Technical Presentation Tips – Make Your Presentations Come Alive!

Nope. Sorry, the facts don’t speak for themselves.

But good news!  You can make presentation facts come alive and show support for your points. After training/coaching over two thousand highly competent technical professionals; I have discovered that many technical presentation mistakes can be avoided with the following 20+ tips and reminders:

  1. First, be clear on the audience outcome desired from the presentation.
  2. Provide listeners a roadmap so they know where you are going with the data.
  3. Research and know the material – but avoid too much information – keep it focused.
  4. Practice and rehearse talking with, not at your listeners.
  5. Grab the listener’s attention by asking a question.
  6. Streamline the information into bite-size, easy to digest pieces.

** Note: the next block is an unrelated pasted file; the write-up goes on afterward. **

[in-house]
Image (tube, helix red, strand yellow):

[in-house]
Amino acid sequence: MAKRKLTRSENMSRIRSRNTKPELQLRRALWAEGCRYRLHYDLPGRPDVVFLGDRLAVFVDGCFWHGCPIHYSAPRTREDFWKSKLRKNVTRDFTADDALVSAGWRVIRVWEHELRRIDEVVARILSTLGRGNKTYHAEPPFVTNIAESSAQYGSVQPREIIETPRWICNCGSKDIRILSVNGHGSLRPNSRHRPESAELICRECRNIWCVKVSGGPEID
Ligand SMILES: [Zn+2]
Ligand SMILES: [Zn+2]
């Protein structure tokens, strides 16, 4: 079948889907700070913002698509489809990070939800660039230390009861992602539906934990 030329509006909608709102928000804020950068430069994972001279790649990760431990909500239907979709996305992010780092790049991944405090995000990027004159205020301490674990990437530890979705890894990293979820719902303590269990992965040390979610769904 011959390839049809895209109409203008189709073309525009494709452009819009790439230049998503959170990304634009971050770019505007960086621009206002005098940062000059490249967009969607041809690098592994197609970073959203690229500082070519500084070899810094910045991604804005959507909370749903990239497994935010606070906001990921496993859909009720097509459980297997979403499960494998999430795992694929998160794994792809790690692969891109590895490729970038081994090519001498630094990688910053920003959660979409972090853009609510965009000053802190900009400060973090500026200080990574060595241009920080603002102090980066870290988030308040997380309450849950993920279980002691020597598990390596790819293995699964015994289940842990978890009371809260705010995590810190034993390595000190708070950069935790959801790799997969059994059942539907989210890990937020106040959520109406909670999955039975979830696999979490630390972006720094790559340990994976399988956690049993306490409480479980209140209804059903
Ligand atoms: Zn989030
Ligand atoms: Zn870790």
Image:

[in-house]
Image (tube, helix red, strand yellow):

7. Limit details and use real examples or stories.
  8. Explain technical facts in a non-technical way.
  9. Communicate the benefits. (What’s in it for them?)
  10. Define technical terminology.
  11. Add a “touch of humor” for relief from the stream of data.
  12. Enlist listener participation and interaction.
  13. Encourage input, make it conversational.
  14. Use colorful graphics.
  15. Use examples to convey difficult concepts.
  16. Use visuals and real samples/props to help retention.
  17. Use amazing or shocking statistics.
  18. Use profound or bold statements if they are true and you can back them.
  19. Use comparisons and analogies to everyday life.
  20. Use a story or personal experience to reinforce retention of the material.
  21. Use repetition to drive home the most important point.

You do not need to remember all 20+ of these presentation tips and suggestions.
Give yourself credit for those you are already doing pretty well and select just a couple
of them to practice and you will see and feel the positive difference.

And… you audience just may thank you in more ways than one!

Joe Tabers, CSP is a Certified Speaking Professional based in Ann Arbor Michigan.
He speaks, writes and coaches on leadership, teamwork and effective workplace communication.

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